Not all attacks come over the internet. Many businesses use automated voice messages to alert people to things like an upcoming doctor appointment. Hackers use this method to leave voicemails warning you about an issue. They may reference your bank account or a company you’ve obtained services from.

Hackers employ similar methods using text messages. This allows them to send you malicious links directing you to a phishing website. Once you get there, they mask the address bar with a picture of a real URL to fool you into thinking you are on a real site.

The Facts Behind Phishing

A report from the Anti-Phishing Working Group (APWG) showed that companies responding to their survey experienced a steady stream of phishing scams during the first half of 2017. The most targeted business sectors were:

  • Payment Providers
  • Financial Institutions
  • SAAS/Webmail
  • Cloud Storage/Cloud Hosting

Popular Phishing Methods – First Half of 2017

Responses to the APWG survey showed the below methods being used the most:

Emails – The most popular tool for attackers at an average of 98,723 per month.

Websites – Attempts using this method averaged 48,516 per month.

Phishing URLs – Averaged around 18,113 attempts per month.

Hackers targeted a small number of brands at an average of 443 times per month. APWG contributor PhishLabs noted an uptick in free web hosting sites being used to build malicious websites. They do this to lend credibility to the site being built by using an established provider.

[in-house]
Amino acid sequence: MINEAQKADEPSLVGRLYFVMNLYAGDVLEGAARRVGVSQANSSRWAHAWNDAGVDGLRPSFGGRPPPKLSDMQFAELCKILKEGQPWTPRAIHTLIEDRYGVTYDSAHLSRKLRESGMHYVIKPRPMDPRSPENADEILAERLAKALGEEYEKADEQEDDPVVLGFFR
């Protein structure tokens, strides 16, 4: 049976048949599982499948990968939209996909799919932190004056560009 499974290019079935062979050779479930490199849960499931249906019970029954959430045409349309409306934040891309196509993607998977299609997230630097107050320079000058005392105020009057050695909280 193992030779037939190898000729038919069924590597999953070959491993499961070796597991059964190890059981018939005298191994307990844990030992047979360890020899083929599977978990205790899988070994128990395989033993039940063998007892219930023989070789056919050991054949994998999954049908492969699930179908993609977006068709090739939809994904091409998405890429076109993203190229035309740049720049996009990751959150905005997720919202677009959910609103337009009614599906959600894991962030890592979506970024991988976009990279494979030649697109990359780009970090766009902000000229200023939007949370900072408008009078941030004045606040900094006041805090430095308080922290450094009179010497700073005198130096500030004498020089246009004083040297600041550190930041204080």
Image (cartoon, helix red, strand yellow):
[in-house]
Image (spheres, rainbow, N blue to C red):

76% of companies experienced some type of phishing attack. That number rose in the first quarter of 2017 to 81% for US companies. Businesses saw a rise in malware infections of 49%, up from 27% in 2016.

Other phishing stats suggest that spear phishing accounted for 53% of phishing campaigns worldwide. That number went up to 57% for the United States. Phone calls and text messages, on the other hand, accounted for 45% of phishing attempts worldwide.

Popular Phishing Methods

How To Protect Yourself Against Phishing

It only takes one moment of inattention to make yourself or your company the victim of identity theft. While there is no an easy way to prevent phishing, a multi-pronged approach to combating the threat can minimize the risk. 

1. Protect Your Inbox